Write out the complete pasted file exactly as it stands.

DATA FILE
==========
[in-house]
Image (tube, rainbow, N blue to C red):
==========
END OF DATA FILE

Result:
[in-house]
Image (tube, rainbow, N blue to C red):